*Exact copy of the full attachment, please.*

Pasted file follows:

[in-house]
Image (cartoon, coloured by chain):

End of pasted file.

[in-house]
Image (cartoon, coloured by chain):